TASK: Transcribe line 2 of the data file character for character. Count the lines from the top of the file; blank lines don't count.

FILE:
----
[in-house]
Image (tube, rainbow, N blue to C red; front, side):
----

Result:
Image (tube, rainbow, N blue to C red; front, side):